Christopher Bugbee, the Cal State Fullerton spokesman under fire for, among other things, denying reporters’ access to administration officials, has apparently been ousted as the main media contact for the Daily Titan student newspaper.
“In a meeting Thursday, Vice President for University Advancement Greg Saks said a new person henceforth will be working with the Daily Titan,” the Daily Titan reported. “It is not clear at this time who that new person will be or if the change will apply to all media outlets.”
The change follows an April 23 Titan editorial that challenged university administrators to fix years of problems journalism students encountered trying to get information from the administration.
Reporters at both Voice of OC and the OC Weekly also have experienced stonewalling by Bugbee, who has been at CSUF since 2007 and has the official title of director of news-media services and social-media engagement.
At their Thursday meeting student journalism leaders handed administration public relations executives a list of 15 issues they said should be fixed to cut transparency problems and improve the education of journalism and public relations majors.
(Click here for the issues list.)
The list ranged from opening reporters’ access to administration officials and the university’s official committees and their actions to creating a new system where the school’s media team helps train staff how to work with journalists and encourages open, on-the-record interviews.
The two administration officials who met with the student journalism leaders Thursday were Saks and Bugbee’s boss, Jeff Cook, who is CSUF chief communications officer.
Both sides in Thursday’s meeting called it a success, although administration executives were less forthcoming than the student journalists.
Saks said the “requests” listed by the student journalists “all sound very reasonable” although some, such as having an administrative staffer on call after hours “for last-minute fact-checking confirmation and breaking news” may require some salary adjustments.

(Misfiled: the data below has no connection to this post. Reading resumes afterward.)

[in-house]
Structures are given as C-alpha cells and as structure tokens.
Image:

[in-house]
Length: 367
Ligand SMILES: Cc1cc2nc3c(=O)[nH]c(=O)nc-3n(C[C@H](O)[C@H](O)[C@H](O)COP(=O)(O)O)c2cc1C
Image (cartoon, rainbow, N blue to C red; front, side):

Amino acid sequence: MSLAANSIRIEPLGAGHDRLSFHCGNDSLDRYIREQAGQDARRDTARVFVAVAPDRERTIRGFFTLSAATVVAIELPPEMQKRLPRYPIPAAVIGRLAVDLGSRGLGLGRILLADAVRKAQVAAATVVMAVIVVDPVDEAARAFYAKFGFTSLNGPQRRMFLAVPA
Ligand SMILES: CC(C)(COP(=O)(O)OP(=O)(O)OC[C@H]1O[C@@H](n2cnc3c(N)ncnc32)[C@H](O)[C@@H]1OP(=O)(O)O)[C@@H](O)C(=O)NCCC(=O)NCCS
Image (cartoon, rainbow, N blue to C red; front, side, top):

Said Cook: “I felt really good about the meeting,” but he stopped short of endorsing the student recommendations, saying instead “they came well-prepared with a list of things to take a look at and consider.”
He also denied there was any rule prohibiting administration staff or faculty from speaking to reporters.
“Some people on campus prefer us (the media office) to be less involved and some people prefer us to be more involved,” he said.
Rudy Chinchilla, the Daily Titan’s incoming editor-in-chief, also sounded positive notes. “Thankfully, they’re being receptive and listening to what we’re trying to say,” he said.
In their editorial, the student newspaper’s editorial board had called for administrative openness and urged it to clean up “a shameful track record of delaying and denying inquiries.”
The board wrote: “CSUF media relations officials block the Daily Titan’s access to administrators and require reporters to submit all questions through email, denying requests for in-person or phone interviews. When a response is received, sometimes more than a month later, the information it contains is often watered-down, filtered and written by a media relations officer.”
The editorial was unanimously supported by the faculty in the university’s communications department and by the Academic Senate, both of which passed resolutions backing up the students.
In its resolution, the communications faculty said it’s been trying for “many years” to get the university administration to fix the problem and, since 2010 has given administrators “many pages of documentation of rude, dismissive, hostile and evasive treatment of its students by the office of Strategic Communications,” where Bugbee works.
For Cal State Fullerton President Mildred Garcia, the problems faced by Titan and other reporters are the second time student newspapers at Cal State campuses where she was in charge encountered restrictions.
In August 2009, when she was president of Cal State Dominguez Hills, during major statewide budget cuts, she shut down the student newspaper to save $76,000 a year. It was the only student newspaper shut down on any of the 23 Cal State campuses during the budget troubles.
After the Los Angeles Times wrote about it, the newspaper, the Bulletin, was restored six months later.
The problems at Cal State Fullerton existed when Garcia was named president in 2012, according to Communications Department faculty, and continued under her administration.
Asked if Garcia, 63, set policies or directed staff to make it difficult for journalists to gather information, Saks said: “Oh, goodness no, no, no.”
Outgoing Titan Editor-in-Chief Samuel Mountjoy, who graduates this semester, said “I was happy about how the meeting came out, but until next semester we won’t be able to really tell how it turned out.”
Chinchilla agreed that until student journalists return in the fall and see how the administration acts, it won’t be known how much action has been taken.
“It does seem like it will be next fall before we really see if they go ahead and implement” the changes, he said.
You can contact Tracy Wood at firstname.lastname@example.org